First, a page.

Less than 19,000 fans attending the Nats' 10-3 loss to Houston last night. The players are going through the motions. The fans deserve so much more, and they show their anger by not showing up at the ballpark, which in turn further underscores the belief of many that Washington isn't a baseball town. Now, new ownership says that they're likely to dump payroll in the not too distant future. So, the first act of the new ownership is to dump payroll?
C'mon. The Nats are lucky that all I am is bitter.
Part of the reason that I created the Beltway Boys was to amplify the joy I felt in seeing a baseball team playing once again at RFK. There was always hope for the future, regardless of how bad (or good) the team was playing. But where is the hope now? I truly believed that Mr. Lerner was going to present us with several free agents this off season, his way of saying he was sorry for all we've had to endure. Now we're hearing words like "patience."
I don't have patience any more, and based on the attendance figures at RFK, I'm not the only one. It's not about winning anymore. It's about offering us hope that the Nationals are not going to be the Kansas City Royals of the East.

We'll just have to wait and see.

It is tough to support a loser. I know I was a Chicago Cubs fan for years.
If he thinks you are bitter, I hope he doesn't read any other Nats blogs.
Well, I would say there is roughly a zero percent chance of becoming the Royals East.
Maybe all those years of following the (gasp!) Redskins has made me patient. This isn't even the end of MAY, for crying out loud. The ownership of the team has not yet been transferred. I watched the city council proceedings February 7, when, for several hours, I believed the team would leave Washington DC because there would be no lease. To repeat, I believed that there would be no professional baseball team in Washington after this team left, and I expected that to happen in the near future. I don't believe the problems with the team were created overnight, and they're not going to be solved overnight. But given that it has only been a few months since the message to the team from the city could easily have been understood as "we don't want you at all", and MLB's has been to drag out the ownership question beyond all reasonable endurance--I think shellshock is not surprising at all.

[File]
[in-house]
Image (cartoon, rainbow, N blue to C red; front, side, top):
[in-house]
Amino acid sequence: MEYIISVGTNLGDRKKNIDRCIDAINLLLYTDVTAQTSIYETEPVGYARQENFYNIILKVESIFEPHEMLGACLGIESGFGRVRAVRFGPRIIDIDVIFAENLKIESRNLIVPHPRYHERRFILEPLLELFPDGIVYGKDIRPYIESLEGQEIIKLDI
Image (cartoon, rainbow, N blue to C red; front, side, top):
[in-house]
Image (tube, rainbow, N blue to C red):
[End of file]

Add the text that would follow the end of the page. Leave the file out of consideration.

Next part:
Once upon a time, I remember when I was an Orioles fan and their team was in decline. The owner, who happened to be a very wealthy lawyer, thought the answer would be to spend money on free agents---put some extra bats in the line-up. Guess what? It didn't work. That owner was Edward Bennett Williams and all the free agents he brought to Baltimore (Fred Lynn, Lee Lacy) did not get the team in the first division.

The Nats are going to have to rebuild from the ground up, and I don't think getting into a bidding war with Steinbrenner now is going to help us. We need to restock our minor league system and to do that we will probably have to trade veterans. Although I'd love to see Soriano play here for years to come, I don't think he wants to be a National---even if we were playing in Lerner Field NOW. Trading him while we still have leverage could get us the players we need to win a pennant five years down the road.

The worst team in baseball is going to win at least sixty games. Right now, I am determined to see, hear, and enjoy as many of those sixty or more games that I can.
Ed Williams' problem was that he brought in washed up free agents. If you want to play the free agent game, you need to avoid overpaid super stars who are in decline. I certainly don't think the O's made a mistake signing Miguel Tejada for big bucks. He is the type of player you can build a team around. Too bad the Baltimore Weasel is too dumb to do so.